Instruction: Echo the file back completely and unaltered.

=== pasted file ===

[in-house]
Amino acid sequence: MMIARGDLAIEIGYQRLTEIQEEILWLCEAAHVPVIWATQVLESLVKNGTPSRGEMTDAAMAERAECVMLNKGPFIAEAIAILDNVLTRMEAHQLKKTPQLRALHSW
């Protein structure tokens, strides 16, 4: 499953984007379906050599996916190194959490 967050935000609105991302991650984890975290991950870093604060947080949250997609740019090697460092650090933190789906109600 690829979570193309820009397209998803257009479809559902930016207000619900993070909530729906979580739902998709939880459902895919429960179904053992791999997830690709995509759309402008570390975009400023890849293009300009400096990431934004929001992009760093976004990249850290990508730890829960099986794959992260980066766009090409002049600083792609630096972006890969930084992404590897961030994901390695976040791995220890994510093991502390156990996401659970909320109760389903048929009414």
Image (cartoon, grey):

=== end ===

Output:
[in-house]
Amino acid sequence: MMIARGDLAIEIGYQRLTEIQEEILWLCEAAHVPVIWATQVLESLVKNGTPSRGEMTDAAMAERAECVMLNKGPFIAEAIAILDNVLTRMEAHQLKKTPQLRALHSW
């Protein structure tokens, strides 16, 4: 499953984007379906050599996916190194959490 967050935000609105991302991650984890975290991950870093604060947080949250997609740019090697460092650090933190789906109600 690829979570193309820009397209998803257009479809559902930016207000619900993070909530729906979580739902998709939880459902895919429960179904053992791999997830690709995509759309402008570390975009400023890849293009300009400096990431934004929001992009760093976004990249850290990508730890829960099986794959992260980066766009090409002049600083792609630096972006890969930084992404590897961030994901390695976040791995220890994510093991502390156990996401659970909320109760389903048929009414």
Image (cartoon, grey):